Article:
Lynn's Staff Picks
Lynn is one of those renaissance people who has worked and played at many things in her life including what you may know her for around Sisters: photography and reporting for the Nugget Newspaper and playing music with the Anvil Blasters.
Her favorite books tend to be nonfiction or historical fiction — or any genre that has a heap of wonder and not many clichés in its pages. She digs authors who write with keen observation and humor and those who can bring her so far inside a story that it takes her a few days to come back to reality.
She's also worked as a graphic designer since the mid-90s, and today specializes in the file production and design of the covers and interiors of books. She definitely judges books by their covers… as well as their words.
This is exactly the way to tell the story of two beings - a human mother and a baby bird - who each survive epic falls... and help each other heal. The photographs (Bloom, the father, is a pro photographer) of Penguin (the magpie) with the whole family are delightful, memorable and made me feel as if I was there for many precious and intimate moments. This survival story is told with vulnerability - raw yet gracefully - without getting mushy. The lessons are the big ones life can hand us, but the text has few clichés and little pity: "Penguin could not have arrived at a better time, by which I mean a more terrible time." "Penguin was a tender as a baby pea - and as subtle as a black-and-white brick."
The book ends with a remarkably frank and courageous essay by the mother in this family, about her new reality as a paraplegic. Her sage advice for other spinal-cord-injured and their family and friends, is a gift. I'd really love to meet this family.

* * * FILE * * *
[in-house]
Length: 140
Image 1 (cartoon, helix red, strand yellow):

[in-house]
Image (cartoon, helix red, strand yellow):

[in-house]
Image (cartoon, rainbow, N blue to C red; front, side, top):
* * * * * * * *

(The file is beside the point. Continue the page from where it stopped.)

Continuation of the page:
These stories are about the men integral to the battles of the Era of Conquest; some names may be familiar, but many will not - and you won't forget them after reading this book: Cornelius doesn't waste words and some phrases will smack you in the eyeballs.I tend to steer clear of spending my attention of war and violence, but these stories are more about the people and forces behind the battles. It's about what we humans fight over, and sheds light on the current state of world politics. And the things these guys went through - most of us are pantywaists in comparison. Jim Cornelius is a prolific and engaging writer with an exceptional memory that gives him access to layers and layers of context. He presents the facts, the dates, the locations, the actions - but what makes this a fabulous read are his insights into circumstances and motivations. A great collection of True Tales for the history buff.
The time I spend out in nature with my father holds some of my fondest memories and yet I continue to be jealous of how my half-siblings grew up outdoors, home-schooled, and traveling the world. Why: because this upbringing has helped them become more intentional in their work, connected to and understanding of family and friends in a deeper way, aware and active beyond their daily lives, and of course, at-ease traveling.When my dad and second wife, Trish, started a family, they were determined to keep the activities that brought their own lives joy and meaning. This book has some of the stories of their river, trail and bicycling adventures that have introduced them and their four kids to many places, other cultures, and brought lasting friendships worldwide. And my dad shares his own whys and hows of raising young kids with adventure - heck, they spent three months bicycling through New Zealand with two toddlers, one still in diapers! And if they can do that, just think of what you can do with your kids - now!